If it was an Excel file, for instance, that I kept in the OneDrive folder on my home Mac, I could navigate to it in OneDrive via the browser on my work Mac. If I double-clicked on the Excel file in the OneDrive file list displayed in my browser it would open in my browser in Excel 365, I’d click the “Edit in Excel” and it would open the file in Excel, I could make edits which would be saved to the cloud version of my file and then replicated to my home Mac when next I was online. It would do all this without making a copy of the file on my local (work) drive. Thus, while I would be able to access and edit it from work, I wouldn’t be storing it at work or, strictly speaking, be syncing my company’s laptop to my personal one over a public cloud. That’s what I was hoping to be able to do with my Pano file. I realize this is kind of a neat distinction which may not be terribly meaningful to anyone but me (I hope I haven’t wasted too many people’s time on something that turns out not to be feasible or terribly popular).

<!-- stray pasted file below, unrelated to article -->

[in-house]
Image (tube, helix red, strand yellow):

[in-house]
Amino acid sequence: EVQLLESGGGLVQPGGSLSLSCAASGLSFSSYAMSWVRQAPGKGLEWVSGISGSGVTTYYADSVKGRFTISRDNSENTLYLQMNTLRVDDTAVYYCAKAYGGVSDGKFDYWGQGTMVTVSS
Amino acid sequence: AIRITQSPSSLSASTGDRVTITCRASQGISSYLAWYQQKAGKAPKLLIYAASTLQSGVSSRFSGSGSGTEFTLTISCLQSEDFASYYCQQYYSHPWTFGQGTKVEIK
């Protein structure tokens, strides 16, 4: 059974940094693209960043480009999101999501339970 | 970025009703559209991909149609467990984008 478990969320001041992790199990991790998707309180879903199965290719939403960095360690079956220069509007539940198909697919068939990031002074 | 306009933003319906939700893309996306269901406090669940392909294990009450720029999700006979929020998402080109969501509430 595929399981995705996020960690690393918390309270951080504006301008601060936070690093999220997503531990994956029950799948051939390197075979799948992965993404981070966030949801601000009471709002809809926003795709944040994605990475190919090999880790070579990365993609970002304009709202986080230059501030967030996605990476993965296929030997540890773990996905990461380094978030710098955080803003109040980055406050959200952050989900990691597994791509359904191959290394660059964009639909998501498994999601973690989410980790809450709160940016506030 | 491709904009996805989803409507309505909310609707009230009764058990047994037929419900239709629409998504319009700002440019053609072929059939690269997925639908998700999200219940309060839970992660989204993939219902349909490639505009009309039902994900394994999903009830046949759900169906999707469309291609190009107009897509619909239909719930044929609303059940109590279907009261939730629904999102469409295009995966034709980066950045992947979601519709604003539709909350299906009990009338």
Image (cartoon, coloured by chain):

Having investigated this further, I can’t say I’m surprised that Pano doesn’t offer capabilities that look like they may be proprietary to the Microsoft suite so I’ll just find a work around or maybe just setup Dropbox so it does fully sync across both machines but be parsimonious about the personal files I allow to replicate on my work machine.